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Anti-Semitic flyers found in Bartow County

Georgia joins the list of states that have recently had anti-Semitic flyers being distributed.

BARTOW COUNTY, Ga. — On the day the world is observing International Holocaust Remembrance Day, 11Alive has learned about anti-Semitic flyers that were distributed in Georgia last month. The Peach State joins the list of other states that have recently had anti-Semitic flyers surface. According to Cartersville Police, anti-Semitic flyers were distributed in late December of 2021. 

In addition to the flyers found in Cartersville, residents of at least three cities across the country have found anti-Semitic flyers outside their homes. According to NBC News, similar anti-Semitic flyers were found in Denver, San Francisco and Miami.

The flyers in Georgia were found outside of businesses in downtown Cartersville and on cars outside the courthouse, according to resident Trave Aldrich. The flyers blamed COVID-19 on the Jewish community. The flyer also included a list of government officials, which is similar to the flyers that have circulated in other states.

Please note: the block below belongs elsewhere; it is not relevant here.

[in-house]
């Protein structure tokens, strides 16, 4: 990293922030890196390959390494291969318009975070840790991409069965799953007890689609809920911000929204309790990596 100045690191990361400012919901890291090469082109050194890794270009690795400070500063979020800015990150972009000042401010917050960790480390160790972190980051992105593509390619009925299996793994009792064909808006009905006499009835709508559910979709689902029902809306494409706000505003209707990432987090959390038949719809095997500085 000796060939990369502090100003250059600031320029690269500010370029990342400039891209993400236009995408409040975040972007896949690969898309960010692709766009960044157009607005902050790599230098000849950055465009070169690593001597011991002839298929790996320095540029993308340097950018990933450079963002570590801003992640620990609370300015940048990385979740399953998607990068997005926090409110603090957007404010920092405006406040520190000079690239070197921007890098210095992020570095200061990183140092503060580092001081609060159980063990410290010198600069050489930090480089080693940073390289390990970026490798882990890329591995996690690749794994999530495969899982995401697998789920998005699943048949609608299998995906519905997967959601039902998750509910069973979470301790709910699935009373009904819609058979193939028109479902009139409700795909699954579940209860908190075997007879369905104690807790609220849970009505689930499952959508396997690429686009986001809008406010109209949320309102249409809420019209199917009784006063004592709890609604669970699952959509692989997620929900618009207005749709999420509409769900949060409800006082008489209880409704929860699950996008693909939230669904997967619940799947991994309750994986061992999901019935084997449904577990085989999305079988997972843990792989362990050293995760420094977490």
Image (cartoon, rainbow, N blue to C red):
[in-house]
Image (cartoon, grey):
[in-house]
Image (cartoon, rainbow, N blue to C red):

11Alive reached out to the Cartersville Police Department in regards to this incident. Here is their statement:

The Cartersville Police Department is aware that this document has been distributed. Although there are laws and/or ordinances that regulate the distribution of certain materials in protected locations, no violations of those laws and/or ordinances have been violated at this time. We continue to monitor this activity but have no further information or comment at this time.

11Alive also reached out to the Anti-Defamation League's Southern Division Vice President Allison Padilla-Goodman over the recent flyer distribution in Bartow County. 

“We have seen numerous pieces of anti-semitic propaganda distributed in Cartersville, Bartow, and across the country as recently as last week," Padilla-Goodman's statement reads in part. "These flyers filled with anti-semitic conspiracies blame the Jews for COVID and play on harmful stereotypes of Jews being all-powerful."

Padilla-Goodman said ADL is consulting with law enforcement agencies over the flyers. ADL believes a well-known group is behind them.

“It is ever more important today, as we observe International Holocaust Remembrance Day, that we vigorously condemn these hateful anti-semitic ideas," she added.

She also mentioned in her statement the recent hostage situation that a Jewish community experienced at Congregation Beth Israel in Colleyville, Texas. Federal authorities said the Texas case would be investigated as an "act of terrorism" and "federal hate crime." 

To learn more about ADL, click here.

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